By extension: do I prefer feeling good about all my many preferences that are being met right this minute? Or do I prefer not feeling good about them? Of course I prefer feeling good about them.

And here’s a glimpse of the whole milieu of preferences that I have allowed into my experience. It’s a snapshot of my “normal” degree of allowing vs resistance. It’s an insight into how good I’m letting my life be, objectively how many preferences I’m letting be met.

Ultimately even something as cliche as winning the lottery is just a preference. It’s not a game-changing deus ex machina that changes everything about your life. It’s not an emotional atom bomb of joy and amazement that will keep you glowing for years to come.

It’s just a preference some people have. And for many it’s a stick to beat themselves and their normal experience with….a symptom, not salvation.

In reality there are so many preferences met that I take for granted in my daily life, it’s shameful that I ignore them and wish for “more”.

I’m literally uplifted and sustained by a whole web of preferences I’m allowing on a daily basis. I go from one good thing to another, albeit taking them for granted most of the time.

As a teenager I would have been overawed at all the stuff I have now. But today I’m just expecting it to be there. I shouldn’t feel overawed anymore, that’s not the point, but if I want more of my preferences met I should take stock of where, how, and why my life is so full of things I desire, value, like, and prefer.

The hidden cost of suppressing anger

I grew up exposed to a lot of anger, resentment, and hostility of varying degrees, to the extent that I concluded the emotion of anger was inherently destructive, toxic, and undesirable.

Plenty of spiritual teachings support this view. An enlightened person is supposed to be beyond anger, and the Christian tradition is split on the question of whether anger is ever justified.

In my own circumstances expressing anger resulted in ridicule, shame, disapproval or escalation of conflict. So I learned at an early age that anger was not only unpleasant but also fruitless.

I’m in uncharted territory as I now learn that anger is in fact a normal part of our emotional landscape. Anger is an emotional defence-system. It guards against unfair treatment and protects us from abuse and injustice.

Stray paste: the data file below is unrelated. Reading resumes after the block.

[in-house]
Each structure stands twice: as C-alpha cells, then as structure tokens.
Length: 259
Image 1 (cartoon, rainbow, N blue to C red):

Seeing people use and express anger in dysfunctional ways, coupled with the inefficacy of my own anger, convinced me to disable, disregard, and suppress it. My solution was simply to avoid anything that might trigger anger, or require anger.

If I don’t like how I’m being treated, it’s up to me to change it, challenge it, or leave. What’s the point in adding anger to the mix? So I thought.

The hidden cost

Suppressing anger and avoiding triggers of anger comes with an enormous cost.

I had to become hyper-vigilant to possible external threats because I didn’t want to rely on my natural defences. It took a lot of mental energy to be aware of potential dangers and always prepared for them.

At the same time I was continually internally vigilant to my own actions and emotions, trying to avoid anything that might trigger anger, resentment, hostility or conflict.

The internal and external vigilance took a lot of energy, and kept me perpetually focused on negative scenarios.

But perhaps the biggest cost of disavowing anger is that I cordoned off whole sections of my own self, censoring aspects of my personality and feeling that might cause offense or conflict with others.

Borrowing an analogy from Chesterton: it’s like a playground near a cliff. If there’s a big strong fence by the cliff, the children will happily play right up to the edge. But if there’s no fence, the children won’t want to go anywhere near it.

For me anger was the cliff, and in the absence of a strong fence I’ve avoided going anywhere near it, avoiding even the possibility of conflict in my everyday life, vastly overestimating the likelihood of conflict and the risk of just being myself.

To avoid causing offense I’ve tried to be as inoffensive as possible. It’s exhausting, and impossible anyway because we can’t control who we offend or how. And it’s come at a cost to the full expression of my personality, and been an enormous drain on my inner resources.

Relearning anger

I’m becoming familiar with anger now as the other half of my complete personality.

Not that I want or need to be angry, but I do want and need the freedom that comes from making peace with anger.

I’m beginning to understand what people mean when they draw a distinction between healthy and unhealthy expressions of anger; I’m also beginning to see how my early confusion came from witnessing people redirecting their anger inappropriately as well as expressing it destructively.